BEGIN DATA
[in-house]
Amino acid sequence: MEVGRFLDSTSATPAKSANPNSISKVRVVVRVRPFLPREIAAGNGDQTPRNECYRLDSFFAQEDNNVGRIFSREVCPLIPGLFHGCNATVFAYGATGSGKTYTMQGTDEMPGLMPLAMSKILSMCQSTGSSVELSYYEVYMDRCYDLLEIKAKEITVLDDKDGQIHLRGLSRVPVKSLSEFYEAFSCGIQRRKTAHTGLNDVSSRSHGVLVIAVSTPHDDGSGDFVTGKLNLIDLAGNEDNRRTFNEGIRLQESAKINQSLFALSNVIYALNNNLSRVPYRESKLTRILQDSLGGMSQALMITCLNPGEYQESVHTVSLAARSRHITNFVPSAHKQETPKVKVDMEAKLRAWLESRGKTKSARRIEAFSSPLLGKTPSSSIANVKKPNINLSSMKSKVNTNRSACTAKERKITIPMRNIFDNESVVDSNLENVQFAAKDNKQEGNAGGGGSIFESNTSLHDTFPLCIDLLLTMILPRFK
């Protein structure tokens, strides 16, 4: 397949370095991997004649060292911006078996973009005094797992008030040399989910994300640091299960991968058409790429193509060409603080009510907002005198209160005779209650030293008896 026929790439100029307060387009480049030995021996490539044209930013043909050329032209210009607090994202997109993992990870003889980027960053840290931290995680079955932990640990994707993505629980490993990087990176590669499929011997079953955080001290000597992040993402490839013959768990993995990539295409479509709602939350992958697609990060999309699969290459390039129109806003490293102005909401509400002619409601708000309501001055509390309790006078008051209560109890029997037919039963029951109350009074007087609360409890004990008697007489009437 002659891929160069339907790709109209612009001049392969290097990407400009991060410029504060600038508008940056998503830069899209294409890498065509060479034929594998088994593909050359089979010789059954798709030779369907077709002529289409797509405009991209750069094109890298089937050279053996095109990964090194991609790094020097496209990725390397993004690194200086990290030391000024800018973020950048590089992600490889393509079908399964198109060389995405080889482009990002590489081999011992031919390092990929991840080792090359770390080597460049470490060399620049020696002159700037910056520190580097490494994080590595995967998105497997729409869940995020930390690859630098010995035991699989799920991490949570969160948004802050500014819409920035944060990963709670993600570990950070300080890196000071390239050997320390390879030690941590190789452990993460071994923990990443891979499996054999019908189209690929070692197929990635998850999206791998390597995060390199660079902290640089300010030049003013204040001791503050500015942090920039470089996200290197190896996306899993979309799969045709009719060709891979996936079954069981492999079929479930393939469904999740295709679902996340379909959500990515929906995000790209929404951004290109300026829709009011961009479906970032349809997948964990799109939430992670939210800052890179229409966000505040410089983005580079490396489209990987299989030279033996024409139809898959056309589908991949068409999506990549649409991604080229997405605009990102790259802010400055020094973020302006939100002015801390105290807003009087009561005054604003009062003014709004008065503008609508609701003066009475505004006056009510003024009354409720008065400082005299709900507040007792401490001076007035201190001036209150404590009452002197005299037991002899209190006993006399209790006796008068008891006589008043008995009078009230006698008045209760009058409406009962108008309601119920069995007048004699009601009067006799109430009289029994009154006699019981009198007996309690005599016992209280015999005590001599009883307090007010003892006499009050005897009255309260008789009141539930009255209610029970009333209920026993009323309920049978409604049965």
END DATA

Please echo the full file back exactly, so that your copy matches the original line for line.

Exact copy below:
[in-house]
Amino acid sequence: MEVGRFLDSTSATPAKSANPNSISKVRVVVRVRPFLPREIAAGNGDQTPRNECYRLDSFFAQEDNNVGRIFSREVCPLIPGLFHGCNATVFAYGATGSGKTYTMQGTDEMPGLMPLAMSKILSMCQSTGSSVELSYYEVYMDRCYDLLEIKAKEITVLDDKDGQIHLRGLSRVPVKSLSEFYEAFSCGIQRRKTAHTGLNDVSSRSHGVLVIAVSTPHDDGSGDFVTGKLNLIDLAGNEDNRRTFNEGIRLQESAKINQSLFALSNVIYALNNNLSRVPYRESKLTRILQDSLGGMSQALMITCLNPGEYQESVHTVSLAARSRHITNFVPSAHKQETPKVKVDMEAKLRAWLESRGKTKSARRIEAFSSPLLGKTPSSSIANVKKPNINLSSMKSKVNTNRSACTAKERKITIPMRNIFDNESVVDSNLENVQFAAKDNKQEGNAGGGGSIFESNTSLHDTFPLCIDLLLTMILPRFK
């Protein structure tokens, strides 16, 4: 397949370095991997004649060292911006078996973009005094797992008030040399989910994300640091299960991968058409790429193509060409603080009510907002005198209160005779209650030293008896 026929790439100029307060387009480049030995021996490539044209930013043909050329032209210009607090994202997109993992990870003889980027960053840290931290995680079955932990640990994707993505629980490993990087990176590669499929011997079953955080001290000597992040993402490839013959768990993995990539295409479509709602939350992958697609990060999309699969290459390039129109806003490293102005909401509400002619409601708000309501001055509390309790006078008051209560109890029997037919039963029951109350009074007087609360409890004990008697007489009437 002659891929160069339907790709109209612009001049392969290097990407400009991060410029504060600038508008940056998503830069899209294409890498065509060479034929594998088994593909050359089979010789059954798709030779369907077709002529289409797509405009991209750069094109890298089937050279053996095109990964090194991609790094020097496209990725390397993004690194200086990290030391000024800018973020950048590089992600490889393509079908399964198109060389995405080889482009990002590489081999011992031919390092990929991840080792090359770390080597460049470490060399620049020696002159700037910056520190580097490494994080590595995967998105497997729409869940995020930390690859630098010995035991699989799920991490949570969160948004802050500014819409920035944060990963709670993600570990950070300080890196000071390239050997320390390879030690941590190789452990993460071994923990990443891979499996054999019908189209690929070692197929990635998850999206791998390597995060390199660079902290640089300010030049003013204040001791503050500015942090920039470089996200290197190896996306899993979309799969045709009719060709891979996936079954069981492999079929479930393939469904999740295709679902996340379909959500990515929906995000790209929404951004290109300026829709009011961009479906970032349809997948964990799109939430992670939210800052890179229409966000505040410089983005580079490396489209990987299989030279033996024409139809898959056309589908991949068409999506990549649409991604080229997405605009990102790259802010400055020094973020302006939100002015801390105290807003009087009561005054604003009062003014709004008065503008609508609701003066009475505004006056009510003024009354409720008065400082005299709900507040007792401490001076007035201190001036209150404590009452002197005299037991002899209190006993006399209790006796008068008891006589008043008995009078009230006698008045209760009058409406009962108008309601119920069995007048004699009601009067006799109430009289029994009154006699019981009198007996309690005599016992209280015999005590001599009883307090007010003892006499009050005897009255309260008789009141539930009255209610029970009333209920026993009323309920049978409604049965």